Oxymoron, the rapper's third full-length and first for Interscope, is powered by the sturdy widescreen hedonism of Dr. Dre's The Chronic, full of well-rapped and witty lyrics about doing dirtbaggy things over top-shelf, endlessly fascinating, forever-morphing beats.
Fans of TVOTR's early density and difficulty might get dismayed at their gradual transformation into the thinking stoner's Coldplay. But it's impossible to listen to Seeds' luxurious fuzz and think that this is a band who mean to be anything but fat and in love.
Nashville has the deepest grab-bag in contemporary pop right now, but nothing else comes together like Eric Church in the wild.
Lese Majesty feels more now, than then. In mirroring and transcending the schizoid, rootless form of digital society, it's an attempt to help people cope with the culture.
His patron saints appear to be Harry Nilsson and yacht rockers like 10cc, and rarely are either channeled with this little cheese and this much panache. He merges these influences with what's quickly become his signature guitar sound, an effortless style that can be playfully discordant.
In a career fraught with obsessions over the perfection-imperfection dichotomy, it turns out to be a blessing that she put pop and its various pressures on the backburner just to deliver some real summertime sadness.
We already expected pastoral folk-rock with dewy thickets of guitar lines that ripple like a pond. But they've internalized the difference between relaxation and an aural shrug.
Lead vocalist/head louche Greg Dulli's dark obsessions and predatory narrators manage to sound as erotically entrancing as he pushes 50 as they did when he was courting 25, aging gracefully like a snifter of peaty scotch rather than a cup of flat beer.
The album is another leap forward for the producer, refining his sense of songcraft and expanding his instrumental palette without sanding down his rough edges in the slightest.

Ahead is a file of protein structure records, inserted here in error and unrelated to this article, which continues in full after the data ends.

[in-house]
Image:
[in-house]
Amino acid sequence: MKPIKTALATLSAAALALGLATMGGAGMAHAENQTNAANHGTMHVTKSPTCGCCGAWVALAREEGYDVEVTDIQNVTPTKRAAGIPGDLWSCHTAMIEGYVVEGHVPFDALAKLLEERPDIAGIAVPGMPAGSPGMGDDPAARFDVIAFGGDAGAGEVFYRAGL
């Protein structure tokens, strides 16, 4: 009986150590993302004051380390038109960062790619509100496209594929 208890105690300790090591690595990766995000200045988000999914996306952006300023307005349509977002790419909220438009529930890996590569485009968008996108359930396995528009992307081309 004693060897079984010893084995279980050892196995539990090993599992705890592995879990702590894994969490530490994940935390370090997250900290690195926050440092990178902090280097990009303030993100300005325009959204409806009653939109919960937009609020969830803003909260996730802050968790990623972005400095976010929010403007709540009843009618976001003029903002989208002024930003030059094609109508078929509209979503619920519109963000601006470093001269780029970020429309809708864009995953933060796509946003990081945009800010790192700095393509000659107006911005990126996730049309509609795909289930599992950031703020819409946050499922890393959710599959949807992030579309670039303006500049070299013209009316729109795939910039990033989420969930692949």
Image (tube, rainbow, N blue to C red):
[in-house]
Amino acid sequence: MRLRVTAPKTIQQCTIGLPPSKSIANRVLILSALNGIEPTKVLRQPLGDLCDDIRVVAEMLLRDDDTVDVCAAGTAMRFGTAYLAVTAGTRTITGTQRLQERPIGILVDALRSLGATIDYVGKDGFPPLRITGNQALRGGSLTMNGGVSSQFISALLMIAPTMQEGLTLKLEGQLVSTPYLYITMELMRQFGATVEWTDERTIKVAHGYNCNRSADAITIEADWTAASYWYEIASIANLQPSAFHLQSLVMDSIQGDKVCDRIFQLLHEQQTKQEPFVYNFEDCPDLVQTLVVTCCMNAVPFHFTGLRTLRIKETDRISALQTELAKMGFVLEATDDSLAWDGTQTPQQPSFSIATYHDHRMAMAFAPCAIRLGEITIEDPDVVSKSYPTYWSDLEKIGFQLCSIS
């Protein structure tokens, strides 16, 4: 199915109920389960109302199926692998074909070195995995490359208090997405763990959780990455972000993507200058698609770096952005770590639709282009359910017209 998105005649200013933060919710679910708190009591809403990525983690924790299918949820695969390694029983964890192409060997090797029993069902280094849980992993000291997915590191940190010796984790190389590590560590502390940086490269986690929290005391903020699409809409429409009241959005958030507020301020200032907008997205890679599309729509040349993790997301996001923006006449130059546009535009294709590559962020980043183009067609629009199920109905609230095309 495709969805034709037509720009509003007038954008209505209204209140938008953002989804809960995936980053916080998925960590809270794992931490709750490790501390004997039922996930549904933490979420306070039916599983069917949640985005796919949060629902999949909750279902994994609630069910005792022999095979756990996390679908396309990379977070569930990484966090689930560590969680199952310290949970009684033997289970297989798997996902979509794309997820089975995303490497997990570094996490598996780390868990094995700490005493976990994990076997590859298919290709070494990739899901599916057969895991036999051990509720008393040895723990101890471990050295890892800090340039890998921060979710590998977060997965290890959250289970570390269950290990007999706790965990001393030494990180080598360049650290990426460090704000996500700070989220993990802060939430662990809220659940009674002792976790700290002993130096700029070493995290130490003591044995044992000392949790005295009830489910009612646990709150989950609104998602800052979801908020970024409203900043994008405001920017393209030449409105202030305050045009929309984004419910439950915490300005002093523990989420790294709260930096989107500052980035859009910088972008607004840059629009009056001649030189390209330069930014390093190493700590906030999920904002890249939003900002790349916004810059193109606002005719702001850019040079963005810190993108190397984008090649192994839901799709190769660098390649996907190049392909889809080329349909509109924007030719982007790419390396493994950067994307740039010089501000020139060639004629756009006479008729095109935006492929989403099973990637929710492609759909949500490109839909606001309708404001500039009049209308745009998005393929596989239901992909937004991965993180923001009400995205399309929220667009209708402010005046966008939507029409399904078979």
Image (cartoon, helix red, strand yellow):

On pom pom ... he's finally able to fully marry the two divergent sides of his personality: his effortless knack for reeling off torrents of sincere bubblegum beauty and his irreverent sense of humor.
Clark has made an album free of the one issue that hamstrung its three predecessors: the sense that every turn was plotted in advance, that the fun was hemmed in by a kind of deliberateness.
From the lyrics to the beats, the pleasure of Piñata is in the details.
On Here and Nowhere Else, which was produced by John Congleto, Baldi and Co. take the best bits from Albini's tutelage, apply them to lo-fi pop-punk structures and infuse all of it with tightly wound angst.
The album doesn't so much broaden Twigs' scope as reinforce it. Over 10 songs and 42 minutes, Twigs seems unconcerned with minting easy hooks or delivering discrete moments; instead, she sustains vibe.
As all-consuming a ritual as rock music is capable of giving us, and also as viscerally, joyously life-affirming.
Like Daft Punk, Terje looks to the past's version of futurism to transcend today's numbed-out consensus beats.
Listening to 1000 Forms Of Fear, you can hear how strong Furler's influence is on the pop stars with whom she works.
Once it all sinks in, the self-released approach, scrapped-together band, and 29-minute running time should only shock those who expected this to be a huge statement by Grace on anyone's terms but her own.
As intellectual and introverted as Krell often is, he’s at his best when he and the music simply let go.
Soul achieves the nearly impossible with Spoon’s most eclectic set yet.
Although its emotional intensity is at first nearly overwhelming, Nikki Nack gets similarly crazy with hooks, which makes it more daring because it ups the stakes even higher.
Get over Herring's Shatner-like earnestness like you did with Destroyer's Kenny G moves on Kaputt and you'll unlock the furrowed brows, baggy eyes and bulging veins beneath the metronomic perfection.
This guy has written 40-plus albums of material, so it's saying something that Benji is one of his more challenging listens.
You wouldn't assume a troubled backstory from the music — Lewis has channeled her grievances into a statement of life-affirming and ebullient guitar pop.
These performances never surrender to the anxiety of influence: All those comparisons are mere reference points for a loose aesthetic that values sustained chordal vamps above all else.
Simultaneously spare and just as fully fleshed out as it needs to be, Dream is a perfect distillation of Granduciel's wide-open claustrophobia. The sound is more expansive than ever, even as its maker's songs seem more personal and less universal.